Gregory Benford’s sci-fi-ish novel Artifact takes place in current times. Archaeologists (annoyingly, he spells it without the second “a”) discover a strange artifact in a Mycenaean royal tomb, a stone cube about a yard wide. A prologue tells us it was buried there to stop its killing people.
The action mainly concerns the tussle over the cube between the heroine, American archaeologist Claire, and a Greek archaeologico-military sonofabitch named Kontos. Claire acquires a sidekick, John, who gets beaten up (physically) every time he meets Kontos – I actually lost count. Meanwhile, it takes half the book for John and Claire to get it on. And then we don’t even get a sex scene! We just meet them again next morning. Pretty tepid.
But the real main character is the cube. And what a character! It’s got a singularity inside it. Yup, you read that right, physics geeks. For non-geeks, a “singularity” is where normal laws of physics go kablooey. The Big Bang may have banged out of a singularity; and it’s believed one might be found at the center of a black hole.* How the Mycenaeans found one (or it found them), and trapped it inside a rock cube, is not really explained. But never mind.
Well, the Americans, having heisted the cube to MIT, figure out the physics, sort of. And while everything was copacetic for 3500 years, it seems that tossing the cube about during the custody battles destabilized it. In fact, it turns out, the thing contained twin singularities – one of which somehow escaped back in Greece. And you know how twin singularities are – they just gotta be together. So the one in Greece is on the move, seeking enosis (a little joke for geopolitical junkies – read, “union.”) Why then it had skedaddled from its twin in the cube I could not (amid all the book’s heavy physics jargon) get. But anyhow, when a singularity is hell bent for its twin, you don’t want to be in the way. (Lots of radiation and stuff.)
So, to avert catastrophe, the Americans decide the best bet is to arrange a peaceful get-together of the twins. (I’m not making this up.) This takes them back, with the cube, to Greece, which happens to be in the middle of a war (don’t ask). By now, the U.S. military is in the picture, big time.
I’m probably not revealing too much if I tell you the Americans do save the world (again). But the real question is: does Kontos get capital punishment?
Of course, intellectuals, liberals, writers, Hollywood types, they’re all totally against capital punishment. “An eye for an eye makes the world blind;” you know the drill. And they are sincere, intellectually. Yet something funny happens when they have bad guys in their books or dramas. They want to kill them.
This actually reflects an evolutionary adaptation. Our main adaptation was social cooperation, but it has a bug: the “free rider” problem. Cooperation pays, for a group as a whole, but for an individual it may pay more to cheat, or take without giving (free riding). And if so, free riders will leave more offspring on average, and in time their genes will beat out the cooperation genes. The remedy is to make free riding not pay, by punishing miscreants. That’s why humans evolved with a craving for justice and punishment where deserved,** which all the intellectualizing over the death penalty cannot override. The just punishment for murder is death. And we know this in our genes.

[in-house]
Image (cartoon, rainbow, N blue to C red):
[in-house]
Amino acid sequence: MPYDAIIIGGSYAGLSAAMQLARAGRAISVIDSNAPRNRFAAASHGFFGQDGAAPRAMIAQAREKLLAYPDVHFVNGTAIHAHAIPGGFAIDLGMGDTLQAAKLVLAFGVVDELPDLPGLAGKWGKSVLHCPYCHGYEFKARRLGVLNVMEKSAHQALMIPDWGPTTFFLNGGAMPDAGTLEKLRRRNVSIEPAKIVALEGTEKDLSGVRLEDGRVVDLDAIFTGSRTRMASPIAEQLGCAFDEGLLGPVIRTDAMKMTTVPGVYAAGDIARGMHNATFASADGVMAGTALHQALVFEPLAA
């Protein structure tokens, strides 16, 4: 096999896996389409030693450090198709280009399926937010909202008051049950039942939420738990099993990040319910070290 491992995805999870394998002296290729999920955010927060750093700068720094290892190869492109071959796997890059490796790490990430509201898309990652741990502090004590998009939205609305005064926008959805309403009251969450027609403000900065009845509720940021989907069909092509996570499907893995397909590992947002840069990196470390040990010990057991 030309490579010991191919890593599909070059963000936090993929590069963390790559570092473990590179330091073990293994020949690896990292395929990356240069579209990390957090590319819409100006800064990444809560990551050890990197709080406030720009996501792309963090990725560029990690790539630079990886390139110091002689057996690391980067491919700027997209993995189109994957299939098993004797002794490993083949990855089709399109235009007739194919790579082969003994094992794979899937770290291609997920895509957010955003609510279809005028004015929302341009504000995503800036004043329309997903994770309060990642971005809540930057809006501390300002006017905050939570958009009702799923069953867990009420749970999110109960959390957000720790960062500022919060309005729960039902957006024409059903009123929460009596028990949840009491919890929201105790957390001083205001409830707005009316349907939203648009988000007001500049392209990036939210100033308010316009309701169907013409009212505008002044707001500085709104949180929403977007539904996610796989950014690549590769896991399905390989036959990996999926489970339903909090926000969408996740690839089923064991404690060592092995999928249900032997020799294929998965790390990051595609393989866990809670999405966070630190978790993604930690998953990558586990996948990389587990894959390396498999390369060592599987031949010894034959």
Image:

Hence literature, movies and TV are littered with corpses of evildoers. Their creators seem to set them up just to gain the psychic satisfaction of giving them their just deserts.
This was noted in my review of the movie White House Down. It doesn’t cut it for villains to be merely captured, since the state has largely exited the execution business. So capital punishment must be administered ad hoc, like in a shoot-out. But there are rules. Usually you can guess whether a culprit will get the death penalty. In general, a single murder isn’t enough, unless it’s particularly heinous, gruesome or depraved. Killing a child will definitely do it. Any two murders, probably. Three or more: certain death.
So back to Kontos. A nasty piece of work. Wanted to rape Claire, but never got further than a breast grab. And for all the times this bully beat up John, he never actually killed anybody. The reader wants his comeuppance – but the death penalty? However, Kontos did commit one indubitably capital offence: political incorrectness. He was a rabble-rousing, war-mongering anti-democrat. So off with his head!
In the end, his fate was so thoroughly predictable that I’m not giving much away here either. Yup, it was the singularity what got ‘im. Right in the labonza. Remember in Raiders of the Lost Ark how that Nazi guy like melted? This was worse. Capital punishment with a capital C.
I’m sure Gregory Benford is a very nice man who, at cocktail parties, will give you all the intellectual arguments against the death penalty. But in the book his genes were showing. That’s what really killed Kontos.
* Where the mass of a star, with all its gravity, is crushed down into a pinpoint.
** All this is modeled in game theory’s “prisoner’s dilemma” problem where, in brief, for a single encounter, betrayal pays, but over repeated iterations, cooperation pays more. And this incidentally answers how we are moral even without religion. Cooperative morality is in our biology.